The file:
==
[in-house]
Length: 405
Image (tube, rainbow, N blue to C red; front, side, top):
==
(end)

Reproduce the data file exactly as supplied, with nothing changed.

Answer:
[in-house]
Length: 405
Image (tube, rainbow, N blue to C red; front, side, top):